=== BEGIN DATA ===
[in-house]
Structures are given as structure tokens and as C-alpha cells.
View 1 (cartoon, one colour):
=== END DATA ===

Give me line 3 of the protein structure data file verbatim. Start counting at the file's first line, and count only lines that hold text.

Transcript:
View 1 (cartoon, one colour):